MAP: The French towns at urgent risk from coastal erosion

The French government has published a new report listing the towns and cities most at risk from coastal erosion.

MAP: The French towns at urgent risk from coastal erosion
Twin villas built on the sand dune on the coast in Biscarrosse that are at risk of collapsing due to coastal erosion (Photo by Philippe LOPEZ / AFP)

A recent government report found that 126 French municipalities, or the equivalent of one fifth of the French coastline, are at high risk of coastal erosion.

The majority of these are located on the Western coast of the country, with 41 in Brittany, 16 in Normandy, 31 in New Aquitaine.

They include popular holiday sports such as Biarritz, La-Tranche-sur-Mer and Saint-Jean-de-Luz. 

The new Climate and Resilience law, will now require affected municipalities to make key changes in order to adapt to climate change. Specifically, mayors will have to commission maps that predict the risk of coastal recession for 30 years in the future, and then again for 100 years in the future. These maps will serve as a basis for new rules of regarding land use, including new regulations on construction.

Overall, 864 municipalities are listed as “particularly vulnerable,” with the 126 shown above are considered as highly vulnerable. The list of impacted communities will be updated every nine years.   

In France, 1.5 million people live in these zones, meaning they are at particular risk for violent storms and flooding.

READ MORE: MAP: Where in France is most at risk from erosion and rising sea levels

How does coastal erosion work?

Coastal erosion is largely impacted by global sea level rise, and the “hardness” of the shore plays a role in how rapidly the coastline is able to be eroded (take a sandy shoreline versus one with cliffs).

This infographic by French daily Le Parisien helps explain the causes of coastal erosion.

You can find the full list of at-risk communities here.

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French riviera: Unesco tsunami warning for Marseille and Cannes

Unesco has announced that the Mediterranean - including the French cities of Marseille and Cannes - will be at risk of tsunamis within the next 30 years, and therefore has included it in its tsunami protection program

French riviera: Unesco tsunami warning for Marseille and Cannes

The risk of tsunamis in the Mediterranean Sea is real – on October 16th, 1979, a tsunami, caused by a landslide, hit the coast of Nice and killed a dozen people. More recently, the Greek island of Samos in the Aegean Sea was hit by a tsunami in 2020.

But the climate crisis and rising sea levels mean that experts fear that in the future they will no longer be rare events along the Mediterranean coast.

Unesco has therefore announced that it will be adding thousands of communities to its Tsunami Ready Plan, including the French cities of Marseille and Cannes.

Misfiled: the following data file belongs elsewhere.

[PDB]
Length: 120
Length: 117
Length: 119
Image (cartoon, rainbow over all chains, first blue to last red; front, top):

Experts fear that tsunamis in the Mediterranean could reach up to a metre in height and are almost guaranteed in the next 30 years.

According to Unesco’s calculations, “there is a 100% chance” that tsunamies will occur in the Mediterranean “over the next thirty years.” Therefore, the UN organisation has called for public authorities to institute their multistep programme, which would encourage awareness, warning, and prevention mechanisms for at-risk coastal communities. 

The preparedness program seeks to ensure that these cities and towns, like Marseille and Cannes, will have the necessary response mechanisms in place by 2030.

The Tsunami Ready program, which has already been piloted in dozens of communities across the Caribbean, Pacific and Indian Ocean regions and was prepared by Unesco experts, establishes twelve indicators to be respected by the communities concerned. This means that Marseille and Cannes will be expected create plans for identifying tsunamis threats and build community awareness and preparation for how to cope with tsunamis.

The twelve readiness indicators are shown in the graphic below:

Communities must meet all 12 indicators, which cover Assessment, Preparedness, and Response, will be recognized as ‘Tsunami Ready’ by the UNESCO/IOC.

Tsunamis are usually caused by seismic activity (78 percent of them) – like the deadly Indian Ocean tsunami in 2004 that killed over 210,000 people, but 10 percent are also caused by volcanic activity and landslides, like the tsunami that hit the Pacific island of Tonga in January. Meanwhile, the rare 2 percent are caused by meteorological activity.

However, the increased concern for tsunamis along France’s Mediterranean coast is in part due to rising sea levels (resulting from the climate crisis) and the need to better monitor underwater volcanos.

Rising sea levels can lead to an increase in the power of tsunamis – up to tenfold. In some parts of the world, such as Macao, scientists estimate that  tsunamis will have twice their current impact by 2050.

Even a tsunami of 50cm high can do a lot of damage – what sounds like a small flow of water is actually capable of lifting a car and depositing it several dozen meters away.